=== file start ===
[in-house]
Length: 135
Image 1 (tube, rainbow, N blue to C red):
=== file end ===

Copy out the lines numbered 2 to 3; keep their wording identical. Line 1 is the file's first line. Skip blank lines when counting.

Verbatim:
Length: 135
Image 1 (tube, rainbow, N blue to C red):